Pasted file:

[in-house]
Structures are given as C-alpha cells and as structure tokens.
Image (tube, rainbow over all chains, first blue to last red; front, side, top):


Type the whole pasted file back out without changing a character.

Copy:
[in-house]
Structures are given as C-alpha cells and as structure tokens.
Image (tube, rainbow over all chains, first blue to last red; front, side, top):